Local News

Driver in I-540 wreck dies

Posted April 6, 2011

— One of the drivers involved in a four-vehicle wreck on Interstate 540 early Tuesday has died, police said Wednesday.

A 1999 Toyota driven by Pamela Michelle Hoyles, 44, of Raleigh, and a 2002 Ford driven by Sharon Garrett McKinnon, 45, of Oxford, bumped on eastbound I-540 between U.S. Highway 70 and Leesville Road, police said.

The contact sent the Toyota off the right shoulder of the highway and sent the Ford across the highway median into the westbound lanes, police said. The Ford was then hit by a 2011 Chevrolet driven by Dany Alan Clum, 29, of Zebulon, and a 1998 Toyota driven by Orna Vee Manison, 45, of Raleigh, before slamming into the guardrail on the right shoulder of westbound I-540.

McKinnon died of her injuries, police said.

Manison was listed in good condition Wednesday at WakeMed. There was no word on the conditions of Hoyles and Clum.

The wreck closed westbound I-540 for much of Tuesday morning, creating long delays.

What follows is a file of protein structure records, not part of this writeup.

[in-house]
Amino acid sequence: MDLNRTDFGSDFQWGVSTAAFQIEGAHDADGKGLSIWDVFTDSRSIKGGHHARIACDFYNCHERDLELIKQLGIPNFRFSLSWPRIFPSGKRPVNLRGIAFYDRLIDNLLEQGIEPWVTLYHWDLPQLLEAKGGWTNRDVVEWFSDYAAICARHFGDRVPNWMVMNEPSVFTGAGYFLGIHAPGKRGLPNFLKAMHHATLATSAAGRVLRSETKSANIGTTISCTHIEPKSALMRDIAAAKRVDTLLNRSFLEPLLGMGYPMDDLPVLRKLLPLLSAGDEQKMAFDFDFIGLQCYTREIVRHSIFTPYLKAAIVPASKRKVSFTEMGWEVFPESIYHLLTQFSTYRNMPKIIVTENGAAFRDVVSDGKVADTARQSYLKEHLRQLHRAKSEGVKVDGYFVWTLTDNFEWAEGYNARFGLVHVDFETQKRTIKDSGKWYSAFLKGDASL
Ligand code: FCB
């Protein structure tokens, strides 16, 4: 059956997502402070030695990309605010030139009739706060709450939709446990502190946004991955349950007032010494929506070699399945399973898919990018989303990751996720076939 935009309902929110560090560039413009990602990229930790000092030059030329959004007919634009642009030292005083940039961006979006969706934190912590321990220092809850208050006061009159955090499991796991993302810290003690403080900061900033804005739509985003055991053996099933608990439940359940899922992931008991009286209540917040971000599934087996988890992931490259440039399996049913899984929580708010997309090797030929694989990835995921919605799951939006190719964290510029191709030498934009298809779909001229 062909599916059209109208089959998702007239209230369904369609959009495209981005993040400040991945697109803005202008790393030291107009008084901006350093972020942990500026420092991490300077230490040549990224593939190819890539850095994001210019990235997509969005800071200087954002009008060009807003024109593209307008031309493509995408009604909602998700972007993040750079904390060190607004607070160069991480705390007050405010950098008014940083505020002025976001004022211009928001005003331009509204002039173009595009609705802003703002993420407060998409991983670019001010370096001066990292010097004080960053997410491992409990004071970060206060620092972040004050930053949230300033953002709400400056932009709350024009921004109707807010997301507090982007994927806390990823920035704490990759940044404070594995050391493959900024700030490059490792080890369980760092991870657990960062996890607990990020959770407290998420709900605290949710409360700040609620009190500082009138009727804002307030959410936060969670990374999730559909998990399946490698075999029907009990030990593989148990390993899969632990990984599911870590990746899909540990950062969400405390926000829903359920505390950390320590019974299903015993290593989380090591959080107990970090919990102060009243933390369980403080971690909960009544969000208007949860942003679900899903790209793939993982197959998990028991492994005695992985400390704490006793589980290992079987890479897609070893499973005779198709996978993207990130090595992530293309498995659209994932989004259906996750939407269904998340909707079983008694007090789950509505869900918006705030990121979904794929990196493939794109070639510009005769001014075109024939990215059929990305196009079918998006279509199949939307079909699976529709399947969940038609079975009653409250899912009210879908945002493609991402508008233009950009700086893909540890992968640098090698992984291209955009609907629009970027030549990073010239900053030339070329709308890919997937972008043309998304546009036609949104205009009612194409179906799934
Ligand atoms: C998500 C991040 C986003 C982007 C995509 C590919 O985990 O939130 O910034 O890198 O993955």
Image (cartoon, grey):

Police said the wreck remains under investigation, and no charges have been filed yet.


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  • cedwards891 Apr 7, 2011

    My thoughts and prayers go out to everyone involved. It is not law to help render aid, unless you are the direct cause of the injury. It is however the right thing to do. So often we go about our days, not realizing that one day, we might be in the same position that they were in and we need to stop and think about if we would want someone to stop and help us or "hit the brakes,came to a stop briefly, thankfully made it through and got the heck outta there, figured someone would be killed".

  • firemanreynolds Apr 7, 2011

    I have been to many vehicle accidents on I540 and also responded to this one. If there is one thing I have learned about those cable barriers its that they simply do not work. The county needs to suck it up and pay the extra money for concrete barriers. This would cut down on head on collisions. On a separate note, if you do happen to witness a wreck such as this one, please stay. I would certainly hope that your day isn't so important that you cant stay and give a statement to an officer. And if you know there is a wreck ahead, please move over so that the fire truck can get through. If people had moved over in this situation, we could have gotten on scene much sooner. Thank you to those civilians who did stop and offer help.

  • chips_e30 Apr 7, 2011